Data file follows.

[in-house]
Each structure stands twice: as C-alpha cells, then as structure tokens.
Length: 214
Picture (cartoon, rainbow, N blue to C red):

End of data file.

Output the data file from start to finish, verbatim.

[in-house]
Each structure stands twice: as C-alpha cells, then as structure tokens.
Length: 214
Picture (cartoon, rainbow, N blue to C red):